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NASCAR’s Best Substitute Driver Performances

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In the rare instances when NASCAR drivers need a substitute, some drivers have taken the opportunity and ran with it. What are some of the best mid-season substitute driver performances in NASCAR history?

7. Brad Keselowski: 2007 O’Reilly 200

It may seem hard to believe now, but at one time, Brad Keselowski’s NASCAR career was seemingly on the brink…in the Xfinity Series. After a rookie season in the Truck Series in 2005, Keselowski nabbed a full-time Xfinity Series ride with Keith Coleman. After failing to qualify at Daytona and never finishing better than 24th, the team suspended operations and Keselowski was left without a ride in early June.

The opportunity opened up for Keselowski after Ted Musgrave was suspended from his Truck Series ride at Memphis, and Germain Racing tabbed Keselowski to drive. Keselowski led 62 laps and was trying to hold of Travis Kvapil with 10 to go before Kvapil dumped Keselowski to relegate the substitute to a 16th place finish. Keselowski’s performance was good enough to catch a ride with JR Motorsports, and the rest, as they say, is history.

6. Josh Berry: 2023 Toyota Owners 400

Josh Berry is the definition of a late bloomer, and in 2023, he finally got the top Cup Series opportunity he hoped for. While filling in for Chase Elliot, Berry quietly slotted into the 9 car finishing in 10th at Phoenix. His best race though came at Richmond.

After starting 30th, Berry worked his way up through the field and used pit strategy to vault himself into the lead with just over 40 laps to go. Berry would hold his own after leading 10 laps, and he would finish a career best second. A performance that would likely vault him to a Cup Series ride next season.

5. Matt Kenseth: 1998 MBNA Gold 400

In the midst of his first full-time Xfinity Series season, Matt Kenseth had the opportunity to fill in for a NASCAR legend. Bill Elliott was attending his father’s funeral, and tapped Kenseth to drive the No. 94 car at Dover. Kenseth did nothing but impress.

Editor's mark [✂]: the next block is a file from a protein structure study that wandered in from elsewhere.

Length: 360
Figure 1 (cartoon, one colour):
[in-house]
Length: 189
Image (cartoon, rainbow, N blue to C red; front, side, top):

After starting 16th, Kenseth quietly worked his way up the pack and finished a solid sixth. This was tied for the best finish Elliott had in the car that season. Two seasons later, Kenseth got his first full-time Cup Series ride for Jack Roush, and Kenseth went on to a hall of fame career.

4. Darrell Waltrip: 1998 Pocono 500

Darrell Waltrip was far removed from his glory days by the time 1998 came around. His owner-driver days were coming to an end when Dale Earnhardt came calling. After Steve Park was injured early in the season, Waltrip drove the number 1 Pennzoil car.

Waltrip ran the best he had in a long time finishing fifth at California Speedway, but his best run came at Pocono that June. Waltrip led 10 laps, being passed by Jeremy Mayfield with 21 laps to go, and Waltrip finished 6th. It was Waltrip’s final career top-10.

3. Jamie McMurray: 2002 UAW GM Quality 500

Sterling Marlin was forced to cut his best season short early after injuries. Little-known Xfinity Series driver Jamie McMurray was asked to fill-in for Marlin. After qualifying fifth at Talladega. McMurray struggled and finished 26th before heading to Charlotte the next week for the UAW-GM Quality 500.

McMurray started fifth and led 96 laps on the night. 2000 Cup Series Champion Bobby Labonte was hounding McMurray for the lead, but McMurray was able to hold on and get his first career Cup Series win in just his second start.

2. David Pearson: 1979 Southern 500

In 1979, David Pearson made one of the most fateful decisions of his career walking away from the Wood Brothers following a pit stop malfunction in the 1979 Rebel 500 at Darlington. Pearson sat out the next 12 races before Rod Osterlund called Pearson up to substitute for the injured rookie, Dale Earnhardt (Yes, that Dale Earnhardt).

Pearson ran well in his first three races with the team, but he went out with a bang in the Southern 500 at Darlington, the same place where he walked away from his most iconic ride. Pearson took the lead for the final time with 70 laps to go, and he won the race by 2+ laps over 23-year old Bill Elliott (Yes, that Bill Elliott). It was Pearson’s 104th career victory.

1. Tiny Lund: 1963 Daytona 500

Tiny Lund went to Daytona in 1963 without a car. In the days leading up to the race, the Wood Brothers driver Marvin Panch was involved in a fiery accident in a preliminary race for the 24 Hours of Daytona. Lund sprung into action and pulled Panch from the wreckage, saving Panch’s life.

Panch then requested in the hospital that Lund be his replacement in the 21 car. Lund qualified 12th and stayed in contention all day. After a green-yellow start, the race ran the final 190 laps caution free, and it came down to fuel mileage. It came down to Lund going up against Hall of Famers Ned Jarrett and Fred Lorenzen.

While Lorenzen and Jarrett had to pit for fuel in the waning laps, Lund stayed out. Despite running out of fuel on the final lap, Lund coasted home to take the win by 24 seconds.

Corey LaJoie or Carson Hocevar could add to this list this weekend. Could they possibly pull another Tiny Lund or David Pearson?

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Picture of Joshua Lipowski

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